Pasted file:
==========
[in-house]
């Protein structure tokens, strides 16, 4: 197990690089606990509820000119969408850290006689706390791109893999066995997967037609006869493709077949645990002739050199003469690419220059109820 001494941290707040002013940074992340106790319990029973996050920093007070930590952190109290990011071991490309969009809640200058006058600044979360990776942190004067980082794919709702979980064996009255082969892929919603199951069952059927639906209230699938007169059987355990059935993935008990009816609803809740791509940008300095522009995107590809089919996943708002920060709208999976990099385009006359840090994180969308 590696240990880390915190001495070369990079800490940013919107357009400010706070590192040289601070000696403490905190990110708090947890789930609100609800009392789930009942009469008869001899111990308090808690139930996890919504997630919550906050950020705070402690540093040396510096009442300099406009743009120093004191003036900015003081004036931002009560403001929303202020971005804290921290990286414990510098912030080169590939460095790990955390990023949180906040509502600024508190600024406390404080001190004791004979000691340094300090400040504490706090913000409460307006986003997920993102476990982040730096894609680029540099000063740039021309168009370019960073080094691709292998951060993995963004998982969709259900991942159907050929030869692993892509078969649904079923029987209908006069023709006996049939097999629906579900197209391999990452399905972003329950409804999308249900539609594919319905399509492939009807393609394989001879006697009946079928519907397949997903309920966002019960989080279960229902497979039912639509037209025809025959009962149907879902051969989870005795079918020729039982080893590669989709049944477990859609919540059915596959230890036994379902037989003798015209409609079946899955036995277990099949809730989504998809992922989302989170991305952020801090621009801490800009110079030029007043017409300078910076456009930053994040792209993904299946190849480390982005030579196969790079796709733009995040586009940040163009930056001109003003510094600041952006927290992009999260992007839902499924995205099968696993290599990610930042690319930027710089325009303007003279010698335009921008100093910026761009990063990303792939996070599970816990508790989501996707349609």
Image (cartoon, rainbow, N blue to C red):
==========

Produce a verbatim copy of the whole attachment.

[in-house]
């Protein structure tokens, strides 16, 4: 197990690089606990509820000119969408850290006689706390791109893999066995997967037609006869493709077949645990002739050199003469690419220059109820 001494941290707040002013940074992340106790319990029973996050920093007070930590952190109290990011071991490309969009809640200058006058600044979360990776942190004067980082794919709702979980064996009255082969892929919603199951069952059927639906209230699938007169059987355990059935993935008990009816609803809740791509940008300095522009995107590809089919996943708002920060709208999976990099385009006359840090994180969308 590696240990880390915190001495070369990079800490940013919107357009400010706070590192040289601070000696403490905190990110708090947890789930609100609800009392789930009942009469008869001899111990308090808690139930996890919504997630919550906050950020705070402690540093040396510096009442300099406009743009120093004191003036900015003081004036931002009560403001929303202020971005804290921290990286414990510098912030080169590939460095790990955390990023949180906040509502600024508190600024406390404080001190004791004979000691340094300090400040504490706090913000409460307006986003997920993102476990982040730096894609680029540099000063740039021309168009370019960073080094691709292998951060993995963004998982969709259900991942159907050929030869692993892509078969649904079923029987209908006069023709006996049939097999629906579900197209391999990452399905972003329950409804999308249900539609594919319905399509492939009807393609394989001879006697009946079928519907397949997903309920966002019960989080279960229902497979039912639509037209025809025959009962149907879902051969989870005795079918020729039982080893590669989709049944477990859609919540059915596959230890036994379902037989003798015209409609079946899955036995277990099949809730989504998809992922989302989170991305952020801090621009801490800009110079030029007043017409300078910076456009930053994040792209993904299946190849480390982005030579196969790079796709733009995040586009940040163009930056001109003003510094600041952006927290992009999260992007839902499924995205099968696993290599990610930042690319930027710089325009303007003279010698335009921008100093910026761009990063990303792939996070599970816990508790989501996707349609």
Image (cartoon, rainbow, N blue to C red):